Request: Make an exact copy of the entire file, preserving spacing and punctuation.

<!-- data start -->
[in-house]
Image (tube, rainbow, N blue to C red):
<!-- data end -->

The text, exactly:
[in-house]
Image (tube, rainbow, N blue to C red):